MVP is James Harden’s to lose (but it should be noted LeBron is not starting alongside one of the best point guards of all time); ROY is a two-man race—Ben Simmons and Donovan Mitchell—that’ll be decided in the final quarter of the season; Same with COY between Brad Stevens and Dwane Casey. Yes, Popovich will get a look (as he should every year), and so will Mike D’Antoni, Erik Spoelstra and Quin Snyder. But all of those choices—D’Antoni is out because coaches don’t win back to back—are unlikely to beat out Casey or Stevens. That leaves Defensive Player of the Year.
Draymond Green, the defending DPOY, has been underwhelming as the Warriors coast towards a fourth-straight appearance in the Finals ( and his frontcourt teammate, Kevin Durant, has been more effective protecting the rim). Kawhi has been out. Rudy Gobert was injured early. Paul George’s defensive impact overlaps too much with Andre Roberson’s wing presence. Like Gobert, Durant missed some significant time. Al Horford’s intangible game is often and will continue to be overlooked. So, will Joel Embiid stay healthy and effective long enough to win? Will Gobert or KD be so good it overwhelms their lack of playing time? Remember, Kawhi won in 2015 after appearing in just 64 games. Also, there’s less empirical data on defense, and even hardcore analysts rarely watch basketball with an eye towards that end of the floor. So that built-in subjectivity, similar to COY, makes it harder to arrive on a clear-cut choice when it’s as wide open as it is this year.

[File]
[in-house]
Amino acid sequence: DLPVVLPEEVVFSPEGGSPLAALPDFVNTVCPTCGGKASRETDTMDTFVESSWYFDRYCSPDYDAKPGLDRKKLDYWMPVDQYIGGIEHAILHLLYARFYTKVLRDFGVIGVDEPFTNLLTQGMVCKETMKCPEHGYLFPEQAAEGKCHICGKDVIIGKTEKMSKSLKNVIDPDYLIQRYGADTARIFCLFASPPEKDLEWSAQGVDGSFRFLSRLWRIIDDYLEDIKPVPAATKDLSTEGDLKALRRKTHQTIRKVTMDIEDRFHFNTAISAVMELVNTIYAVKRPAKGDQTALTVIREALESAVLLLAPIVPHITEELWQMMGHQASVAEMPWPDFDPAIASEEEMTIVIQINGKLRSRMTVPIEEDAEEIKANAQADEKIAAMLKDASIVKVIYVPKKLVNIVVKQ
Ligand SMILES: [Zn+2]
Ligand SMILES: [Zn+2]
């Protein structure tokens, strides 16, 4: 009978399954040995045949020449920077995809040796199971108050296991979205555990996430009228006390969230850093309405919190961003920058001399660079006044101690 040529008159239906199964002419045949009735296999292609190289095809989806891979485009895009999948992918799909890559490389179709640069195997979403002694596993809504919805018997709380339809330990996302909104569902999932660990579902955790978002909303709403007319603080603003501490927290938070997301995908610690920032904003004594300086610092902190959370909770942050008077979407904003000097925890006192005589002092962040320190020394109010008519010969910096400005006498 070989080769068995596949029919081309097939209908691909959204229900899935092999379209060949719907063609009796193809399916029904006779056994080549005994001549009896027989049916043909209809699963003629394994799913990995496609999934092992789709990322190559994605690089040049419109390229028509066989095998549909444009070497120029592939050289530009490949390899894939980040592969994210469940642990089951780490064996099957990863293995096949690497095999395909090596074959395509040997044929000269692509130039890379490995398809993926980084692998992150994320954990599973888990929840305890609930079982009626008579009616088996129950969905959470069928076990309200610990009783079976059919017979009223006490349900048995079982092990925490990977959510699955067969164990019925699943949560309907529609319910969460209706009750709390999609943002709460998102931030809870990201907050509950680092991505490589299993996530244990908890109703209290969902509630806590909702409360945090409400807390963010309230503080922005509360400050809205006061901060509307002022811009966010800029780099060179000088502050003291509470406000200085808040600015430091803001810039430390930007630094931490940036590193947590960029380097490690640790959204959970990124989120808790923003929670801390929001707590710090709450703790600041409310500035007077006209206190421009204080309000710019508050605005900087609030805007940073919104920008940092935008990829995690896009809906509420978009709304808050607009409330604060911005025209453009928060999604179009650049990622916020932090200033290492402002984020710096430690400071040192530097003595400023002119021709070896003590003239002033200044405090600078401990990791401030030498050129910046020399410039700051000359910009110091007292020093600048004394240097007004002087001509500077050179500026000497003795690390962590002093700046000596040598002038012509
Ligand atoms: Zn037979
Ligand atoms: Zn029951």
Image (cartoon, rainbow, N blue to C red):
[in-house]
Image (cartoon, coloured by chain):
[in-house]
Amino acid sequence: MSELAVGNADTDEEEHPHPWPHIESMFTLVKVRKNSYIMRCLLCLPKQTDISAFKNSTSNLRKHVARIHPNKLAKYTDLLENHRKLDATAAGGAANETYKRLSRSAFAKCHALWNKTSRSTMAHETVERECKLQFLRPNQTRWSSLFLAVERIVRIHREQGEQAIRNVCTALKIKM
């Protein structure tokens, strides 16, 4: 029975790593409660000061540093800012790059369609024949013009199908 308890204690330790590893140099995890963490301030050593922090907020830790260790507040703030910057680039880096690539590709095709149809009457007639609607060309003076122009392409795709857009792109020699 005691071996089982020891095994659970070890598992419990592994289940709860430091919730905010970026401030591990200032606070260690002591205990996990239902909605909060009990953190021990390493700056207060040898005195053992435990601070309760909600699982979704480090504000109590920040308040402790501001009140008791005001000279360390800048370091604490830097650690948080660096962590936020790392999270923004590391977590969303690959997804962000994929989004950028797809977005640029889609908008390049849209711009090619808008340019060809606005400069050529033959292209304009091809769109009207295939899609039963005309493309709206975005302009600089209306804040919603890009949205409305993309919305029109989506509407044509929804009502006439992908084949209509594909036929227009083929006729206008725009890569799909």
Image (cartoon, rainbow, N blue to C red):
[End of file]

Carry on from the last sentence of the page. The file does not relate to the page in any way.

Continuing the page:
Brady: I’m confident that Harden will be rewarded the MVP at last. ROY and COY aren’t exactly frictionless, but I’m most intrigued by how narratives and national exposure may greatly impact DPOY candidacy. At the Sloan Sports Analytics Conference, Jalen Rose recently said that [paraphrased] blocks and steals do not always entail that a player is a reliable defender. This is truthful. There can exist scenarios in which a player, who isn’t extremely conducive to allowing lower points per possession, gets high value in the defensive counting stats portion of the traditional box score. At this point, you’ve probably surmised that I was talking about Kevin Durant this season.
The following statement “Kevin is an exciting defender when he’s running to the rim from the weak side” may even be objectively true, but is he consistently providing his team with strong defensive value? In a year in which the Warriors are 12th in luck-adjusted defensive rating (which, in short, adjusts defensive rating to capture shooting luck), is Durant even the best defender on his team? Using Jacob Goldstein’s Individual Net Impact, it becomes clear that nearly every Warriors player (sans Jordan Bell), actually defends opponents better without his presence on the court. He also reflects somewhat poorly in Defensive Real Plus-Minus. His block totals are fantastic, but an argument that he has profound defensive impact for Golden State seems insufficient. There are a few other strong candidates that may be overlooked this season as a result, such as Joel Embiid, Al Horford and Giannis Antetokounmpo. Even a few more longshots exist, such as Robert Covington, Danny Green or Rudy Gobert/Andre Roberson (whose injuries unfortunately decimated their likelihoods). It’ll be exceedingly interesting to see who wins and how the DPOY dialogue will continue to develop.